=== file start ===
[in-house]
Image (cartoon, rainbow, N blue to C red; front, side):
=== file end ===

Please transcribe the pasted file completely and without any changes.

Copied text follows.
[in-house]
Image (cartoon, rainbow, N blue to C red; front, side):